The Index is rebalanced and reconstituted on a quarterly basis after market close on the 10th trading day of each January, April, July, and October. The data used to compute each ACSI Company’s score is updated based on the Customer Satisfaction Data on a rolling basis, no less often than quarterly, with new data replacing earlier data collected in the same period of the previous year.
The Index was developed by the Adviser in 2016 in anticipation of the commencement of operations of the Fund.
The Fund’s Investment Strategy
The Fund attempts to invest all, or substantially all, of its assets in the component securities that make up the Index. Under normal circumstances, at least 80% of the Fund’s total assets (exclusive of any collateral held from securities lending) will be invested in the component securities of the Index. The Adviser expects that, over time, the correlation between the Fund’s performance and that of the Index, before fees and expenses, will be 95% or better.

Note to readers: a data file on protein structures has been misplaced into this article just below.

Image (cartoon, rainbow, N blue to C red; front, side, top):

The Fund will generally use a “replication” strategy to achieve its investment objective, meaning it generally will invest in all of the component securities of the Index. However, the Fund may use a “representative sampling” strategy, meaning it may invest in a sample of the securities in the Index whose risk, return and other characteristics closely resemble the risk, return and other characteristics of the Index as a whole, when the Adviser believes it is in the best interests of the Fund (e.g., when replicating the Index involves practical difficulties or substantial costs, an Index constituent becomes temporarily illiquid, unavailable, or less liquid, or as a result of legal restrictions or limitations that apply to the Fund but not to the Index).
The Fund generally may invest up to 20% of its total assets (exclusive of any collateral held from securities lending) in securities or other investments not included in the Index, but which the Adviser believes will help the Fund track the Index. For example, the Fund may invest in securities that are not components of the Index to reflect various corporate actions and other changes to the Index (such as reconstitutions, additions, and deletions).